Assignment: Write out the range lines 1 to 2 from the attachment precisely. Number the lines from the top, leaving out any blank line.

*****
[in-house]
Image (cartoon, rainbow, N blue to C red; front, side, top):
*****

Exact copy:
[in-house]
Image (cartoon, rainbow, N blue to C red; front, side, top):